How to make money from a house with no equity - Posted by Sam

Posted by JohnBoy on March 10, 2002 at 22:22:03:

Yes. Plus I like to get a $100 security deposit on the lease as well to show something as a security deposit so the option money isn’t confused as being a security deposit later should we ever end up in court.

If they don’t have the $5k plus first months rent then I will consider taking less on the option money and financing them the difference over several months and let them make payments in addition to the rent to make it up. It just all depends on the buyers, their income, etc. as to what I’ll do to make the deal workable for them and myself at the time.

How to make money from a house with no equity - Posted by Sam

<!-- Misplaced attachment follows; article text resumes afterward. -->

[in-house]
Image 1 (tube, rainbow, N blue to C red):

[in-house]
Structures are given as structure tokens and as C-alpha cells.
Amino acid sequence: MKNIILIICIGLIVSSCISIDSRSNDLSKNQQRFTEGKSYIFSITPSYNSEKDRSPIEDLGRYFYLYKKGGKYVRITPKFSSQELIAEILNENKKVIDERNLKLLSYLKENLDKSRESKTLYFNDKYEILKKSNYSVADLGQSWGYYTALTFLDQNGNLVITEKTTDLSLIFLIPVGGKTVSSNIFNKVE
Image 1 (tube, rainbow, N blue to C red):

Posted by Sam on March 08, 2002 at 17:54:45:

I have been sending letters out to people being foreclosed on for a couple months now. About nine out of ten of the people have no equity and some even have negative equity. (owe 135k FMV-130k) I have seen people mention that they can make money out of a situation such as this. I was wondering if anyone could explain how exactly this is done. If I could figure out how to do this I could doup to five deals a month. There are lots of foreclosures where I live.
Thank you in advance for any help.

There’s a market out there waiting to be had. - Posted by Craig (IL)

Posted by Craig (IL) on March 09, 2002 at 06:19:37:

I’d like to know, too; there’s a sizeable market of sellers behind in payments with very little or negative equity if there was a way to leverage them.

Many people bit on aggressive lender advertizing for for equity loans, some of which are 125%LTV. Some of these people are now in trouble. Acquiring such properties with short sales may be a way, but it involves both cash and risk on the part of the investor. Margins may be close depending on what the investor can arrange with lenders. Part of such a deals would be learning how to compare risk with the margin.